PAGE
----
When two people divorce, they can begin their lives as single individuals in different financial circumstances. Particularly when one of the partners to the ended marriage worked outside of the home and the other elected not to earn an income to support the family at home can the differences in their incoming wealth be exacerbated. In Colorado, a disparity in income between two formerly married people may result in an award of alimony to the lesser-earning person.
Alimony, also called spousal support, provides a person with money to support them in the wake of their divorce. In most cases, alimony is not intended to last forever. Instead, it is only intended to provide a person with the financial means to get back on their feet. Alimony may be used by a person to meet their basic needs, or it may be used to get training or education to become more capable of finding a job.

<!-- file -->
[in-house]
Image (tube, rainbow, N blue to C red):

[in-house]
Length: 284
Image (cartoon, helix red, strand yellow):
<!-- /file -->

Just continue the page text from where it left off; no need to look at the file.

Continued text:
The individual who receives the alimony gets the alimony payments from their former spouse. A paying individual may be relieved of their obligation, if their ex remarries. But, as each alimony agreement or order is worded differently, it is imperative that readers consult their own alimony documents to understand how they are obligated. Depending on a person's capacity to pay or the recipient's capacity to earn, an alimony obligation may last a significantly long period.
While one may presume that the death of a payer would bring about the end of spousal support, this is not always true. Depending on how an agreement or order is drafted, a deceased party's estate may still have to provide financial support to the decedent's ex for a set period.
Like all family law matters, individuals with alimony questions should talk to their divorce lawyers about how this obligation may affect their lives. Death, remarriage and employment are only a few of the factors that can influence when alimony payments may end.